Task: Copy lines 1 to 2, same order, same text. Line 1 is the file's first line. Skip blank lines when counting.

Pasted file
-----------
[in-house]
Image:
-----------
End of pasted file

[in-house]
Image: